The geographical centre of Tokyo it may be the temples and shrines of Koganei City tend to show a decidedly local character. A gentle ambience, even the city's most exquisite shrine location has a touch of the gentle about it. Here is an introduction to some of these locations in Koganei and how to reach them.
Founded in the mid-18th century, Kajinoichikishima Shrine features two pairs of komainu guardian dog statues, one pair of more recent construction. The grounds may somewhat nondescript but they are brought to life by bright red torii gates and a nagare-zukuri roof design for the main shrine building.
An 11-minute walk from Higashi-Koganei Station on the JR Chuo Line.
The city's largest shrine complex, Koganei Shrine is home to, most curiously, an archery range at its rear. Another curiosity is the mound made from stone grinding wheels and the bovine statue. Long stone pathways, a torii gate as well as plenty of trees give the shrine a sense of solitude while the New Year festival offers a spring to the shrine's step.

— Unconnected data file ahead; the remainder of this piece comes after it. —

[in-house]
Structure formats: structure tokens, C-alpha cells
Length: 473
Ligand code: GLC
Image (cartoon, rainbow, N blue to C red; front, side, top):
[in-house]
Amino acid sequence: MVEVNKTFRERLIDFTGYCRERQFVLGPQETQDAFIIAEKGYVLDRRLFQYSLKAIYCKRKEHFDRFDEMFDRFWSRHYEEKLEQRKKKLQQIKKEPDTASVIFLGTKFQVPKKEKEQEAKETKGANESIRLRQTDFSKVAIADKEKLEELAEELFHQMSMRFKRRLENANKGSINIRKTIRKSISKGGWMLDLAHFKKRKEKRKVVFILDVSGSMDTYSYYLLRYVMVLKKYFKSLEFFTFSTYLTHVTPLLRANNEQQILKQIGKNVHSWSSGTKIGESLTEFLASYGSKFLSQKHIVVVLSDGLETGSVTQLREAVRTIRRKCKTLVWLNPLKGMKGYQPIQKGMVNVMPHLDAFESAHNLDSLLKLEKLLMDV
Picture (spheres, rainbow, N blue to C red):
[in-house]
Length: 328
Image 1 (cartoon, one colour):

A 13-minute walk from Musashi-Koganei Station on the JR Chuo Line.
A hidden gem of Tokyo, the 16th-century built Nukui Shrine is home to an absolutely charming ambience. Set by a wooded grove that is home to an ancient pine tree and spring water, the shrine's traditional pond filled with koi carp fish and decorated with a classical bridge design give it a special charm.
A 15-minute walk from Kokubunji Station on the JR Chuo East Line.
Enshrining Sugawara no Michizane, a famous scholar of the 9th century whose studious nature saw him become the patron deity for study and learning, Ten Shrine was established in the mid-18th century. Also known as Azumachiten Jinja and unabashedly local, this shrine is simply, honest and unpretentious.
A 2-minute walk from Shin-Koganei Station on the Seibu Tamagawa Line.